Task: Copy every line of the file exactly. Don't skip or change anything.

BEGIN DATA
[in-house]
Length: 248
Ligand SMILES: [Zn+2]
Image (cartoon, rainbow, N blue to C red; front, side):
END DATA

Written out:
[in-house]
Length: 248
Ligand SMILES: [Zn+2]
Image (cartoon, rainbow, N blue to C red; front, side):